“The fate of Greenland is the fate of Miami.”
Rafe Pomerance has been called “the original climate change warrior.” He was profiled in Nathaniel Rich’s 2018 New York Times Magazine article and subsequent book, Losing Earth. At the moment when much of the science was known but there was no awareness in political circles, Pomerance was crucial in shaping recognition by government officials, policy-makers, and the public that climate change is a crisis. In two conversations, on May 10 and August 5, 2019, we talk about his path into climate work; the sequence of his experiences as an advocate, strategist, organizer, and negotiator; his work with Arctic 21 and ReThink Energy Florida; his political assessment of the point to which we have come; and his experience as a “witnessing professional.”
NANCY L. ROSENBLUM: Until fall of 2019 you were chairman of Arctic 21, a network of organizations communicating “the unraveling of the Arctic as a result of climate change” to policy-makers and the public. Let’s start here: why did you choose that organization?
RAFE POMERANCE: Our one-liner is, “The fate of Greenland is the fate of Miami.” The fate of Greenland is the fate of many coastal cities because melting from continuous warming could ultimately lead to twenty feet of sea level rise. We’re not going to see all that in the short term, but we’re already seeing a significant amount. Greenland, the Arctic high-latitude glaciers, Antarctica, and thermal expansion of the oceans are the major contributors to sea level rise, and your (Rosenblum’s) house in North Truro (Cape Cod) is experiencing that, partly due to Greenland. So the interest of the United States is bound up with the fate of Greenland.
A question frames our work in Arctic 21: what is the future state of the Arctic? Or, what is the Arctic we must have to sustain the global climate system? These are different versions of the same question, and governments have to answer the question, or should. Governments have to figure out what is required if we’re going to have any chance of achieving climate sustainability. Remember when the earth is 2 degrees Celsius warmer than pre-industrial times, which is coming up on us, the Arctic will be about 5 degrees Celsius warmer: that’s two-and-a-half times the earth’s global average. The question, again, is what do scenarios of the future look like? And how are governments going to decide where we end up? Because one way or another, they must decide.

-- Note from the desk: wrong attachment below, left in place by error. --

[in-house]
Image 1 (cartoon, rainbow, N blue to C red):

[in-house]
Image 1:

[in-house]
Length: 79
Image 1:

NR: Where does the U.S. government stand today on the Arctic?
RP: This is an interesting week to talk about that (May 10, 2019) because it was one of the worst weeks ever for the U.S. government with regard to the Arctic. Secretary of State Mike Pompeo went, as he should, to a biannual meeting of the foreign ministers of the eight Arctic countries (Canada, Denmark, Finland, Iceland, Norway, Russia, Sweden, and the United States). They got together to approve a declaration about what they’ve done, what they’re going to do, what their focus should be. The United States negotiated and then refused to accept a draft declaration that included attention to climate change as an element of the Council’s program.
The only statement Pompeo made related to climate was that as we lose sea ice, ship channels are opening up. He didn’t talk about the other aspects of sea ice, or any other aspect of the Arctic that is falling apart. He wouldn’t acknowledge climate change, and he blocked agreement on the declaration because the United States wouldn’t accept any reference to warming–a reference other governments had to have in their declaration of purpose.
Pompeo instead made speeches attacking China and Russia as military and economic competitors. This performance was arrogant and inappropriate. To talk about competition is one thing, but to do it at the Arctic Council, which is a multilateral organization focused on the environment that has deliberately kept broader political issues at bay is another. He missed the point. The point is that the unraveling of the Arctic is a threat to U.S. national interests.
NR: You made the striking statement: “The fate of Greenland is the fate of Miami.” What led you to that realization? This statement is one of many examples of you speaking eloquently as a witness.
RP: There are two parts to the answer. One is the scientific part: Greenland is the largest sources of sea level rise today. The second part is political: Florida is the potential epicenter of climate politics. Florida is the most important purple state, a competitive swing state that could go either Republican or Democratic in presidential elections. It is existentially threatened by sea level rise. So if you can make the connection between the Arctic and Florida, you can make a powerful case for action.
. . .